Review: Tour Striker Pro
According to the website for the Tour Striker:
Finally! A simple training club that intuitively promotes the essentials of Tour quality club head to ball impact!
One percent of golfers strike golf balls correctly. The Tour Striker and Tour Striker Pro training clubs will intuitively help you understand leverage and how to apply the club head to the golf ball in the same manner as the best players in the world. You will gain command of the elusive skills required to compress a golf ball. Best of all, this is not a temporary solution!
Allow the creative golfer inside you to enjoy the game once and for all. You can learn how to have world-class impact conditions and strike golf balls purely, accurately and with great control.
Tour Striker Models
The Tour Striker Pro is the pro version of the Tour Striker, a training aid designed to teach a player to hit the ball with a forward shaft lean and the hands ahead.
Here’s the tour striker compared to a regular iron.
Side view of the tour strikers:
Photo source: www.tourstriker.com
The only way to get the ball up in the air hitting this club is to have a forward leaning shaft at impact. If the shaft is straight up and down or leaning away from the target at impact, the ball will fly very low or simply roll on the ground.
Using it on the Right Surface
It is very important that when practicing with the tour striker you are on either very firm closely mown turf or a hard mat. In fact the best test for your ball striking abilities with the tour striker come when using a lie board.
If you attempt to use the tour striker on fluffy grass or a very soft mat like the Country Club Elite (CCE) mats that allow you to hit down and through the ball you will negate the benefits of the tour striker as the soft grass or mat will allow you dig in to ground and hit a decent shot without the forward lean of the shaft.
I can use Range Mats again (but only for this)
One of the interesting results for me of using the Tour Striker Pro is that using this club actually gives me an incentive to use the hard mats at the range near me. If you read this blog you know that I am not a fan of range mats.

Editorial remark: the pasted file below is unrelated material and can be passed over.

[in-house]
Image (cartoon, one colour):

For normal iron practice I intend to continue to use my CCE mat as that simulates a lush fairway and gives me great feedback on the quality of the strike, but for working on the shaft lean and hands forward at impact I can use the range mats, but only with the Tour Striker.
Once you are on the correct surface the Tour Striker shows its true value. I consider myself a pretty good ball striker. Over the past few months as it has gotten colder in the northeast I have not only kept my distances the same in the colder temperatures but have actually increased them as my technique has improved.
Still, the tour striker showed me that I had some work to do with the shaft lean as I hit a number of low worm burners with it. However, the majority of shots I hit with it were fairly acceptable with a few exceptional ones.
During my practice sessions I alternated using the Tour Striker Pro and my irons and the feedback was great. My iron playhas improved over the past few months, and I think continued and regular use of the Tour Striker will take it to new levels.
The quality is product is excellent. It appears to be manufactured to pretty high standards.
I consider the Tour Striker Pro to be a valuable addition to my practice toolset.
Which Tour Striker to Get
“The Regular Tour Striker is targeted for mid-to-high handicap golfers and slower swing speeds (under 90 mph with driver), while the Tour Striker Pro is geared for dedicated practicers with higher swing speeds. We also offer a Tour Striker for women and younger players who wish to improve their game.”
I agree with this description. If you are mid to high handicapper you will struggle with the Tour Striker Pro. For the lower handicap players the Pro model adds the right amount of challenge. The leading edge of the club does look pretty high. It is a pretty cool and rewarding sensation to see this high leading edge hit a nice high soft shot that carries forever.
On the range I introduced a friend of mine to the Tour Striker and watched him hit a few balls. It very quickly forced him to make a few adjustments but then he started hitting some great shots. When he went back to hitting his own irons I could see that the adjustments had carried over and he hit the ball on a better trajectory with a slightly more penetrating ball flight.
If you have a flippy swing where you try and scoop the ball to get it in the air, the Tour Striker will definitely help you to change that. Be prepared for a bit of frustration as you make the adjustment but the end result will be worth it.
Take a look at the slow motion shot below. You will see a very nice iron strike. The shaft is leaning a bit forward, the clubhead hits the ball first, then the ground. A phrase I was told to remember this was “Hit the little ball (the golf ball), before the big ball (the earth)”.